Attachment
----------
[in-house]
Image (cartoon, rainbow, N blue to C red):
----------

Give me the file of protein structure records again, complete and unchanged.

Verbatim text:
[in-house]
Image (cartoon, rainbow, N blue to C red):